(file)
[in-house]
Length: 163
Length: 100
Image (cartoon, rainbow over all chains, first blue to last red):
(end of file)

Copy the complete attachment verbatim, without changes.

[in-house]
Length: 163
Length: 100
Image (cartoon, rainbow over all chains, first blue to last red):